tribune


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trib·une 1

 (trĭb′yo͞on′, trĭ-byo͞on′)
n.
1. An officer of ancient Rome elected by the plebeians to protect their rights from arbitrary acts of the patrician magistrates.
2. A protector or champion of the people.

[Middle English, from Old French tribun, from Latin tribūnus, from tribus, tribe; see tribe.]

trib′u·nar′y (trĭb′yə-nĕr′ē) adj.

trib·une 2

 (trĭb′yo͞on′, trĭ-byo͞on′)
n.
1. A raised platform or dais from which a speaker addresses an assembly.
2. The usually domed or vaulted apse of a basilica.
3. See gallery.

[French, from Old French, part of a church, speaking platform, from Old Italian tribuna, from Medieval Latin tribūna, alteration of Latin tribūnal; see tribunal.]

tribune

(ˈtrɪbjuːn)
n
1. (Historical Terms) (in ancient Rome)
a. an officer elected by the plebs to protect their interests. Originally there were two of these officers but finally there were ten
b. a senior military officer
2. (Government, Politics & Diplomacy) a person or institution that upholds public rights; champion
[C14: from Latin tribunus, probably from tribus tribe]
ˈtribunary adj

tribune

(ˈtrɪbjuːn)
n
1. (Architecture)
a. the apse of a Christian basilica that contains the bishop's throne
b. the throne itself
2. (Ecclesiastical Terms) a gallery or raised area in a church
3. rare a raised platform from which a speaker may address an audience; dais
[C17: via French from Italian tribuna, from Medieval Latin tribūna, variant of Latin tribūnal tribunal]

trib•une1

(ˈtrɪb yun, trɪˈbyun)

n.
1. a person who upholds or defends the rights of the people.
2. (in ancient Rome)
a. any of various administrative officers, esp. one of ten officers elected to protect the interests and rights of the plebeians from the patricians.
b. any of the six officers of a legion who rotated in commanding the legion during the year.
[1325–75; Middle English < Latin tribūnus, derivative of tribus tribe]
trib′une•ship`, n.
trib`u•ni′tial, trib`u•ni′cial (-yəˈnɪʃ əl) adj.

trib•une2

(ˈtrɪb yun, trɪˈbyun)

n.
1. a raised platform for a speaker; a dais, rostrum, or pulpit.
2. a raised part, or gallery, with seats, as in a church.
3. the apse of a church.
[1635–45; < Medieval Latin tribūna; replacing Latin tribūnāle tribunal]
ThesaurusAntonymsRelated WordsSynonymsLegend:
Noun1.tribune - (ancient Rome) an official elected by the plebeians to protect their interests
capital of Italy, Eternal City, Italian capital, Rome, Roma - capital and largest city of Italy; on the Tiber; seat of the Roman Catholic Church; formerly the capital of the Roman Republic and the Roman Empire
defender, guardian, protector, shielder - a person who cares for persons or property
antiquity - the historic period preceding the Middle Ages in Europe
2.tribune - the apse of a Christian church that contains the bishop's thronetribune - the apse of a Christian church that contains the bishop's throne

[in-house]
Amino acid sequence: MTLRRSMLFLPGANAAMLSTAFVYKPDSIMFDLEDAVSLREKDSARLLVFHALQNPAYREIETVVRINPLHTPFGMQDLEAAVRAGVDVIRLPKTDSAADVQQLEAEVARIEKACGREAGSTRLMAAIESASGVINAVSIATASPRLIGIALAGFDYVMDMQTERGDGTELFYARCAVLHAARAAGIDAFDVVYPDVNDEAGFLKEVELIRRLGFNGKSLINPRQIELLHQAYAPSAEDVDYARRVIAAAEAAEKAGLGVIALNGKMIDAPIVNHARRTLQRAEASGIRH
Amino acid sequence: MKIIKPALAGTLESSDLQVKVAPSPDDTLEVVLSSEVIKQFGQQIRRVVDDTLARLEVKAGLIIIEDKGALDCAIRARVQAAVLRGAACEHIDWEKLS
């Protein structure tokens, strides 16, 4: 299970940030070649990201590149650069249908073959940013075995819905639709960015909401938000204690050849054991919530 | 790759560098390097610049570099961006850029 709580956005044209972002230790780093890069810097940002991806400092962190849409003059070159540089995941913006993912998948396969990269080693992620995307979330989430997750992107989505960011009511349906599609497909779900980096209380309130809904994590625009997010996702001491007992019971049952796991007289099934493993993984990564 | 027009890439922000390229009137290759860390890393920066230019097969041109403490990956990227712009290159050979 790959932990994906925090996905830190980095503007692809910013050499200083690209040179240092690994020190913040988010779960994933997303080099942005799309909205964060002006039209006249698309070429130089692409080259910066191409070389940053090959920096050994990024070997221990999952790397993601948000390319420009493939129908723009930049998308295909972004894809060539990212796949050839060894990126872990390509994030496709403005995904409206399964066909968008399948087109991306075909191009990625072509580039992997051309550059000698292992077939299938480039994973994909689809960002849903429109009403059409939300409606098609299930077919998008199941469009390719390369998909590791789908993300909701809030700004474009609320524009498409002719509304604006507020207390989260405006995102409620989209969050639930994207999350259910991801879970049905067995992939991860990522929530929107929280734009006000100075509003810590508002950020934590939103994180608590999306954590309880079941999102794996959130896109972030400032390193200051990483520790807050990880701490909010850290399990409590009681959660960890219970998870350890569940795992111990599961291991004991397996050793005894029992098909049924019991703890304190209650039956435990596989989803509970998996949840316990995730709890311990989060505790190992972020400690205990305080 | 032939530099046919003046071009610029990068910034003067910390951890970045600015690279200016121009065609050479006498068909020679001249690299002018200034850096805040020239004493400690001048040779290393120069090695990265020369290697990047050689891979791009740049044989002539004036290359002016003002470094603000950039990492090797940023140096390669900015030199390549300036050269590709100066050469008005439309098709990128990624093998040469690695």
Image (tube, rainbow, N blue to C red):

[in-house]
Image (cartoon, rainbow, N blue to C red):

apse, apsis - a domed or vaulted recess or projection on a building especially the east end of a church; usually contains the altar
Translations

tribune

[ˈtrɪbjuːn] N
1. (= stand) → tribuna f
2. (= person) → tribuno m

tribune

1
n (Hist) → (Volks)tribun m

tribune

2
n (= platform)Tribüne f
References in classic literature ?
Titian has two Venuses in the Tribune; persons who have seen them will easily remember which one I am referring to.
Titian's Venus defiles and disgraces the Tribune, there is no softening that fact, but his "Moses" glorifies it.
I have also inserted portions of several letters written for the New York Tribune and the New York Herald.
There was, however, a little difference between the two; very different from the French tribune, whose heart was so full of hatred and ambitious vindictiveness, was the honest President, who carried in his bosom a heart as innocent as the flowers which he held in his hand.
The New World seems to have made up its mind to live in peace; and our bellicose Tribune predicts some approaching catastrophes arising out of this scandalous increase of population."
"I'm proud of helping those old fellows," he explained in 1918, and "I wish I could help more of them." See Chicago Tribune, December 6, 1918.
The legendary City News Service in Chicago where thousands of writers and journalists, including Mike Royko, Seymour Hersh and Kurt Vonnegut, got their start is closing its doors, the Chicago Tribune reported Dec.
Lipsitz and Company, a Waco, Texas, scrap dealer, is relocating to a new location in the city, according to a report in the Waco Tribune (Waco, Texas).
Carl Pon and Mike Kinson were featured in December articles in the San Gabriel Valley Daily Tribune and the Whittier Daily News ...
The pending sale of KPLR (Channel 11) to the Tribune Company raises several questions.
He recalled for the November 4th South Bend Tribune: "I stopped about 10 feet away from him and ordered him: 'Don't move.
Tribune Interactive, a subsidiary of Tribune Company announced that five of its newspaper Web sites are providing news headlines and full.